Some Kind of Monster, a new documentary about iconic heavy-metal group Metallica, will undoubtedly inspire some comparisons to the seminal mockumentary This is Spinal Tap.
And to some degree, that's valid. Both are movies depicting a band struggling to come to terms with the fact that, because of all of the changes around them and within them since their founding, they can never be the same band they once were, for better or for worse. So there are some moments of Spinal Tap-ish absurdity, enough that when frontman James Hetfield points to his amplifier and says that it was the first he ever owned, you half expect him to add, "This one goes up to 11." But this movie deserves much more than shallow comparisons.
Indeed, Some Kind of Monster is ultimately the best of what a documentary can be, an insightful but never judgmental look into something closed to the average citizen. It is a depiction, a real, in-depth depiction of how an album is made from start to finish, a process which very few people will ever get to see, and that comprises much of its allure.
To be sure, directors Joe Berlinger and Bruce Sinofsky benefit from the mystique that surrounds the making of an album, as well as the turmoil which just happened to surround Metallica as the movie was filmed -- the departure of bassist Jason Newsted, Hetfield's year-long trip to rehab and the band's nearly continuous sessions with a therapist, Phil Towle, and the problems that arise as he tries to inject himself deeper and deeper into the band.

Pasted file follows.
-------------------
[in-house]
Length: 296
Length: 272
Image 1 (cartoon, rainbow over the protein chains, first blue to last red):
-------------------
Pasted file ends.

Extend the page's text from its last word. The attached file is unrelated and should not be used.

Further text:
Their real genius, however, comes through in the deft way Berlinger and Sinofsky handle all that. The filmmakers were at a disadvantage in making this movie -- there's no suspense to be had, since anyone who watches MTV News knows how it ends. Berlinger and Sinofsky could have stepped in, imposed a narrative structure, a lead to some sort of definitive ending answer. But instead, they step back, letting the myriad questions that arise through the film -- Can you make loud, angry music and film your music video in San Quentin prison while selling your Jean-Michel Basquiat painting for $5 million? Can a heavy metal band which thrived on wildness and alcohol survive old age, children and rehab? -- hang in the air. And those unanswered questions serve as the conflict and the suspense which drives the movie.
In fact, it is that air of uncertainty which hangs over this film that will probably repel those who should be most interested -- Metallica fans. For the die-hard fans, watching the band in these situations will probably be painful. For the rest of us, it's a thrilling experience.